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Puncture, how to change a wheel and get back on the road

Undoing wheel nuts on a punctured wheel

Around 55% of motorists don’t know how to change a wheel. These days, less than half of new cars come with a standard spare tyre. In fact, many just have a puncture repair kit instead. But what happens if you get a puncture and cannot call out a breakdown recovery service? Perhaps you need to get back on the road quicker than they can to you.

Spare wheel or puncture repair kit?

It sounds obvious, but check whether you have a spare wheel or puncture repair kit. If you just have a kit, then familiarise yourself with it and know what you need to do with it. But if you do have a spare wheel, you should get to know how to change it. You’ll never know when you’ll get a puncture. While many of us have never done it ourselves, it’s actually a lot more straightforward than people imagine.

Safety first

Even if you feel confident with changing a tyre, you must always do so safely, and never take risks.

  • Before you do anything, read your vehicle’s handbook. It’s important that you always follow what it says.

  • Don’t change the wheel on the side of the road or on a motorway’s hard shoulder. Instead, you should pull over well away from the traffic if you can, and call your breakdown recovery service.

  • Don’t Change your wheel on loose, uneven or soft ground.

  • Never do anything under your vehicle when you’ve raised it on a jack.

  • Always use the jack at the correct jacking points, which you’ll find listed in your handbook. Attaching the jack incorrectly, can damage your vehicle and risk it collapsing.

Things you will need

You will need a few things to help you repair or change a punctured tyre. It’s worth making sure you always have these items in your car, just in case.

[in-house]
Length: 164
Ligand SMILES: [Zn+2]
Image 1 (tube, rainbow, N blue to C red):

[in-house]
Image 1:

Wheel with a puncture

  • Your vehicle’s handbook.

  • The spare wheel, adequately inflated and with enough tread.

  • The jack.

  • An extendable wheel wrench with locking wheel-nut adaptor.

  • At least one wheel block or wedge, to stop your car rolling when up on the jack.

  • Gloves, as wheels and tyres are often very dirty.

  • An old towel or something to kneel on.

  • Cutters or a sharp knife to cut cable ties holding the wheel trims in place.

  • A torch.

Before you start

Take your time to plan what you need to do. You don’t want the vehicle raised longer than necessary. Hopefully, common sense will tell you to turn off your engine. You must also turn on your hazard lights to warn other road users. Make sure you’ve put your handbrake on and the vehicle into first gear, or P if an automatic. You then need to:

  • Put the block or wedge under the wheel that’s diagonally opposite to the wheel you want to replace.

  • Get out the spare wheel and put it on the ground, near to the damaged one.

  • Remove the wheel trim, by either cutting cable ties or levering it off.

  • Position the jack nearest to the wheel needing changing, in the lifting position.

  • Ensure the head of the jack engages properly and extend it until it just starts to lift the vehicle. You shouldn’t lift your vehicle any further at this stage.

  • Loosen the wheel nuts, which probably need twisting anticlockwise. You may have to remove protective covers over the wheel nuts.

  • Even spread your body weight on both feet and keep your back straight. Apply effort downwards in a controlled way, so you don’t end up losing your balance.

Puncture repair kit with spare wheel

Lifting the vehicle

  • Raise the jack until the wheel just lifts off the ground

  • Remove the loose wheel nuts while keeping the wheel in position with your knee or foot

  • Leave the top one until last, so you can use both hands to lift the wheel away from the hub

Putting on the spare

  • You will need to follow the removal process, but in reverse.

  • Loosely fit the top wheel nut first, to secure the wheel.

  • Tighten the remaining wheel nuts with your hand in a diagonal order.

  • Lower the jack slowly until the wheel just touches the ground and won’t turn.

  • Use the wrench to fully tighten the wheel nuts in a diagonal sequence.

Remember once you have replaced the puncture

If you have a temporary, smaller spare, make sure you check for any restrictions. Generally, you can only travel up to 50mph on a smaller spare. But you must replace it with a normal wheel as soon as possible. When you get to the garage, ask them to replace or repair the damaged tyre and tighten your wheel nuts.